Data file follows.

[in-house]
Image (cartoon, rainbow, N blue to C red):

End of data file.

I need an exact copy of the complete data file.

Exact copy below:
[in-house]
Image (cartoon, rainbow, N blue to C red):